7 thoughts on “Featured Projects”

  1. Hello Sam!
    What you do in your garage looks very impressive for me,
    nice, that you share it.
    I do some similar things at home and have put together in my cellar, a RF plasma chamber (cap coupl, 6 in), a thermal evaporator (Ta boats, glow discharge for preclean, 6 in), RGA´s (Quadrex and Transpector), a spincoater etc.. Most stuff is from Leybold, some MKS and Edwards. I do not have a complete IC line like you, but several parts. I am working in southern Germany.
    The evaporator is used regularly for preparing thin layers as corrosion test targets and the plasma chamber is used for samples to clean mostly, sometimes to deposit plasmapolymers.
    Maybe, we can help each other with manuals or design tips, exchange of materials or doing a process step is more difficult. Such hobbyists like us are very rare, I know one other colleague in germany.
    Best Regards
    (I am a chemist, half a decade old, working in automotive)

  2. Hi Sam.

    I would like to make you aware of a few things that may be of assistance to you.

    There is a chip type Minimum Instruction Set Computer (MISC). The versions based on reverse polish notation stack based (Forth computer Language like) are the highest performance smallest circuits. Such a processor should fit in 4000 transistors, even much less I would expect.

    The leader in this field, is greenarrays, but, their current designs are extremely low level, and not suitable for conventional programming, but has the lowest energy processor record.
    They also have a educational charity initiative to teach chip design. The designer, Chuck More, had a chip design tool, OKCAD, he used which was 3 or 4 Kilobytes big. It used easy tiling, and eventually by setting up parameters for the process, produced reliable results, at much better efficiency and timing than conventional chip design tools. Currently the tool has gone forwards and allows conversion between formats, from what I understand, allowing output in a format a fab can use.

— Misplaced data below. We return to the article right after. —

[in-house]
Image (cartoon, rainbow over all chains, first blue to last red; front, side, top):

He has done more conventional designs in the past, with a few performance records. The design for Jeff Fox (deceased) was the last conventional design, and just before a start up called ITV. The Misc series started with the Mup21 by C.H. Ting, around 1990. All these chips should have display and peripheral circuits, and probably 6500-10,000 transistors plus, and most 20 bits+ (and old memory format). C.H. Ting, has also done a series of FPGA versions up to 32 bits, which might be open source. It might be possible to get a hold of these designs. The Jeff Fox (Ultra Technology) design was aimed at 500Mhz, but currently the green array design dues around 666mhz at 4.5 or 3.5mw, on 180nm processor node, idling, not over driven like most cpus. So, over driven, such designs may get into a number of GHz, with a modest to no active cooling solution, at 180nm (this is speculation, as the current designs are aimed at low energy and the 180nm process node is a low energy process). It uses asynchronous timing, between the on chip processor array, so, can do very low cycles and sleep inbetween. Not over driving the circuits results in low leakage. Really a wealth of knowledge there.